Scientific Name:
Cystopteris fragilis (L.) Bernh., Neues J. Bot. 1(2): 27 (1805)
  • Polypodium fragile L., Sp. Pl. 1091 (1753) – as Polypodium filix-fragile
Lectotype (selected by Copeland 1929): J. Amman 52, Herb. Linn. 1251.51, LINN (!online; see Jarvis 2007)
  • = Cystopteris laciniatus Colenso, Trans. & Proc. New Zealand Inst. 31: 265 (1899)
Holotype: Canterbury, cultivated by W. Colenso, Herb Cheeseman, AK 135924!
From the Latin fragilis (brittle), a reference to the nature of the frond in this species.

Rhizomes short-creeping, up to 40 mm long (in herbarium specimens), 1.5–2.5 mm in diameter, with stipes arising 5–10 mm apart; bearing scales. Rhizome scales narrowly ovate, 2.0–3.5 mm long, 0.4–0.8 mm wide, golden brown. Fronds 110–475 mm long. Stipes 25–200 mm long, pale brown or yellow-brown; bearing scattered narrowly ovate, pale brown scales with filiform apices, up to 4 mm long, 0.5 mm wide. Rachises pale brown, becoming green distally, winged distally, sulcate, bearing scattered hair-like scales up to 1.5 mm long. Laminae 2–3-pinnate, ovate to narrowly ovate, tapering to a pinnatifid apex, 75–280 mm long, 26–175 mm wide, yellow-green on both surfaces, herbaceous, glabrous. Primary pinnae in 10–20 pairs, narrowly spaced or slightly overlapping distally, winged throughout, ovate; the longest at or below the middle, short-stalked, 16–95 mm long, 9–50 mm wide, apices acute to acuminate. Secondary pinnae winged throughout, gradually decreasing in length along each primary pinna to the distal end; the longest secondary pinnae ovate, 6–30 mm long, 4–13 mm wide, apices acute or acuminate, bases shortly stalked, margins partly or completely divided to the midrib; the distal secondary pinnae narrowly ovate to oblong, apices acute, bases adnate. Tertiary segments 3–8 mm long, 1–4 mm wide, margins incised. Sori round, on veins; indusia ovate to broader than long, 0.6–1 mm long.


Cystopteris fragilis is a naturalised plant confined largely to lowland areas, usually near urban centres. It is distinguished morphologically from the indigenous C. tasmanica by its generally larger and more divided laminae (2–3-pinnate cf. 1–2-pinnate), by its longer and wider primary pinnae (16–95 mm long, 9–50 mm wide cf. 6–42 mm long, 4–24 mm wide), and by the apices of its primary and secondary pinnae, which are acute to acuminate rather than obtuse or rounded.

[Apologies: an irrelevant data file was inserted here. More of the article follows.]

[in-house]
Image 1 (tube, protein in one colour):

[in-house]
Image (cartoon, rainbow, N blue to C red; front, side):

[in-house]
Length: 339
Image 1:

North Island: Northland, Auckland, Gisborne, Southern North Island.

South Island: Canterbury, Otago, Southland.

Chatham Islands.

Altitudinal range: 0–240 m.

A widespread northern temperate species first recorded by Colenso (1899) as C. laciniatus. It is naturalised in Auckland city, around Hamilton and parts of the Waikato, in Wellington and Christchurch, on Banks Peninsula, and in Dunedin, Invercargill, and on the Chatham Islands. It occurs mostly in lowland areas but reaches 240 m on Banks Peninsula, and probably higher in inland Canterbury.


Cystopteris fragilis occurs most frequently in or near urban areas, where it grows along shaded streams and road banks, and in roadside ditches, often under Salix species or broadleaved forest.

 First Record

Colenso (1899, p. 265). Voucher AK 135924, 1898. A specimen in the Armstrong Herbarium (CHR 633386) labelled "Cystopteris fragilis, naturalised, Christchurch, JBA" probably represents an even earlier record, but is undated.


Cystopteris laciniatus was described by Colenso (1899) from a plant collected in North Canterbury by T. Keir in 1898. The only extant specimen (AK 135924) consists of two fronds taken by Colenso from a living plant in cultivation, originally from Canterbury, and labelled "Cystopteris laciniatus sp. nov." in his own hand-writing. There are no specimens at K or WELT, and in the absence of other authentic material, the AK specimen is assumed to be the holotype. The specimens are clearly identifiable as the naturalised C. fragilis.

Bernhardi, J.J. 1805: Dritter Versuch einer Anordnung der Farrnkräuter. Neues Journal für die Botanik 1(2): 1–50.
Brownlie, G. 1958: Chromosome numbers in New Zealand ferns. Transactions of the Royal Society of New Zealand 85: 213–216.
Brownsey, P.J.; Perrie, L.R. 2018: Cystopteridaceae. In: Breitwieser, I.; Wilton, A.D. (ed.) Flora of New Zealand — Ferns and Lycophytes. Fascicle 23. Manaaki Whenua Press, Lincoln.
Colenso, W. 1899: A description of some newly discovered indigenous New Zealand ferns. Transactions and Proceedings of the New Zealand Institute 31: 263–266.
Copeland, E.B. 1929: The Oriental genera of Polypodiaceae. University of California Publications in Botany 16: 45–128.
Jarvis, C.E. 2007: Order out of chaos: Linnaean plant names and their types. Linnean Society of London in association with the Natural History Museum.
Linnaeus, C. 1753: Species Plantarum. Impensis Laurentii Salvii, Stockholm.